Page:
The big story for Wolverine in the past year was its acquisition of the Sperry Top-Sider, Saucony, Stride Rite, and Keds brands. The company's new 16-brand portfolio delivered a more than 100% increase in revenue for the third quarter compared to last year.
Comparing sales on a pro forma basis, assuming the brands had been part of the company last year, revenue growth was still a solid 9%.
The company reported double-digit revenue increases in a number of brands, including Merrell, Sperry-Top Sider, Saucony, and Keds.
Sales momentum was global, with double-digit revenue growth in the Latin America, Asia Pacific, and Europe/Middle East/Africa regions.
The gross margin percentage improved 70 basis points year over year. However selling, general, and administrative expenses as a percentage of revenue rose 150 basis points due to costs associated with developing its consumer-direct business and other brand-building efforts, resulting in a decline of 110 basis points in operating profit percentage. Operating profit in dollar terms was up $40 million, or 86%, due to the effect of the added brands.
What we learned
Columbia's CEO Tim Boyle said in the earnings release that the company's strategies to get back on a sales growth track include "reinvigorating" wholesale channels and improving seasonal-product assortments. The company's profitability for the quarter was actually better than management expected due to efficient cost-control efforts.
In Deckers' case, management believes full-year revenue will be up about 8% and raised its expected increase in diluted earnings per share over 2012 to 10%, up from a previously projected 8%.
Columbia too revised its full-year outlook upward, saying net sales will be down just 1.5% for the year. The company is pleased with its ability to manage costs and deliver profitability even with weak sales growth.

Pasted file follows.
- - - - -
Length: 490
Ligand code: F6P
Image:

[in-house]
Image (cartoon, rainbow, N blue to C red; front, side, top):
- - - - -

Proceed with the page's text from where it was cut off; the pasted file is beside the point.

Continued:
Regarding these two companies, I'd just say that cliffhangers sometimes bring us unexpected surprises.
At the recent ICR XChange conference, Wolverine CEO Blake Krueger discussed the company's accomplishments and goals. A few points regarding the company's strengths really stood out:
- First, Wolverine's 1,000 years of accumulated brand equity. The Keds brand for example has been around since 1916.
- Wolverine's presence in 200 countries; success is not dependent on the economic growth of any one region.
- The company's products appeal to all ages and both genders. Its diversified mix of brands protect the company from the often unpredictable changes in fashion trends.
- The strategy of adding product categories to its brands to expand from footwear brands to lifestyle brands -- with the potential to sell more than shoes to each customer.
- And Wolverine's considerable marketing creativity. The company updated the Keds brand by having massively popular recording artist Taylor Swift be the brand spokesperson, presenting the products as fashionable and fresh, not familiar and tired.
With this in mind, Wolverine is my favorite of the three companies.
Brian Hill has no position in any stocks mentioned. The Motley Fool has no position in any of the stocks mentioned. Try any of our Foolish newsletter services free for 30 days. We Fools may not all hold the same opinions, but we all believe that considering a diverse range of insights makes us better investors. The Motley Fool has a disclosure policy.